A month after Adam Oakes’ death, VCU grapples with misconduct in Greek life

Cary Street houses Delta Chi's fraternity house. Photo by Wessam Hazaymeh

Sahara Sriraman, Contributing Writer

Although sophomore bioinformatics major Disha Trivedi had a positive experience during her first year with Kappa Phi Gamma, a South Asian interest sorority at VCU, she said she knows that’s not common for all Greek life members. 

Trivedi, who is also the president of Kappa Phi Gamma, said she’s heard of many instances where Greek life organizations hazed new members.

After the death of freshman Adam Oakes at an off-campus Delta Chi fraternity event on Feb. 26, many VCU community members and Oakes’ family called for the expulsion of the university chapter. More than a month later, there is no update in the Richmond Police Department’s investigation, according to a spokesperson.

Trivedi said that after Oakes’ death, Delta Chi should not be allowed to have a chapter at VCU and the members involved with the incident should face involuntary manslaughter charges.

“I really think FSL and VCU need to take other sororities and fraternities, the larger ones, more responsible for their actions,” Trivedi said.

The Office of Fraternity and Sorority Life at VCU declined to comment.

“Delta Chi is not the only fraternity that hazes, but they’re the first fraternity to get caught hazing,” Trivedi said.

There have been numerous other allegations of hazing against Greek life organizations in previous years, ranging from hazing to sexual assault.

The Theta Rho Chapter of the Alpha Kappa Alpha sorority was found guilty of misconduct in 2010 due to hazing by the National Pan-Hellenic Judicial Council, according to past reporting from The Commonwealth Times.

In 2014, the VCU chapter of the sorority came back to campus, complete with a new student council. That same year, Alpha Kappa Alpha also began the recruiting process, after which they engaged in events and activities around Richmond.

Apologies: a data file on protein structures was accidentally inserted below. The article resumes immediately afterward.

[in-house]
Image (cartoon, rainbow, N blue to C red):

VCU’s chapter of Alpha Kappa Lambda was forced to shut down in 2018 after a hazing incident took place on West Cary Street, according to the Richmond-Times Dispatch.

VCU Police began investigating the fraternity after it obtained the report of the incident in October of the same year, according to the article.

University spokesperson Michael Porter said at the time that members of the organization weren’t willing to cooperate during the investigation, which resulted in an inadequate amount of evidence. The investigation became a cold case after inactivity.

The VCU Fraternity and Sorority Life Office is located in the VCU Student Commons. Photo by Wessam Hazaymeh

VCU and Alpha Kappa Lambda’s national headquarters considered taking corrective action against the chapter, according to Porter. The fraternity’s headquarters said that in December of 2018, it had “revoked its charter at VCU’s chapter for four years following the incident,” meaning that the chapter wouldn’t be recognized until 2022.

VCU alumna Caelynn Miller-Keyes disclosed on “The Bachelor” in 2019 that she was drugged and raped during a party, according to The Virginian-Pilot. The alumna stated she remembers passing out and seeing two men in bed with her. 

Miller-Keyes stated in a 13 News Now article that the assault took place at a fraternity house and that she later found out that two men assaulted her, one of whom was expelled from VCU. After the party, she talked to two friends who disclosed they had been drugged and assaulted at the party as well.

Miller-Keyes stated that she took legal action against VCU, although it exceeded the Title IX time limit in which a case must be concluded. Title IX is a federal law prohibiting any discrimination based on sex on college campuses.

Senior Vice Provost for student affairs Charles Klink issued a March 2 statement stating that VCU would begin an independent review of all Greek life organizations.

“This comprehensive review will propose new ways to ensure all organizations follow our values and how they will be held accountable when they do not,” Klink stated.

Greek life leaders sent an email to all their members on March 12 explaining that a halting period would take place, prohibiting all Greek life events and requiring members to fulfill certain requirements. 

Any chapters or individual students found to have violated the law and/or University policies will be held accountable and may be subject to a range of disciplinary actions, including removal from the University,” it stated.

Klink issued a follow-up statement on March 22, announcing that VCU hired Dyad Strategies to conduct the review on Greek life. Dyad Strategies is a research firm that provides universities with campus assessments regarding issues of hazing and sexual assault, according to its website. The review will begin in late March and end in June when it submits its findings to VCU.

“This independent review is a crucial step to ensure fraternity and sorority life at VCU becomes a national model that promotes health and safety and creates a climate of respect and inclusion that is conducive to academic success,” Klink stated.

Carson Sturgis, a VCU senior, created the petition to expel Delta Chi. As of March 30, it has reached more than 16,200 signatures.

“We can’t bring a life back, but we can do something,” Sturgis said.

Sturgis wanted to ensure an end to hazing and prevent Delta Chi from threatening campus safety, she said.

“I think there’s no way campus will be safe with those people around,” Sturgis said.

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